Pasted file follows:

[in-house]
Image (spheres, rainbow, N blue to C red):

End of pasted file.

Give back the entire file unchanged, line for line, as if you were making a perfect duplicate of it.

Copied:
[in-house]
Image (spheres, rainbow, N blue to C red):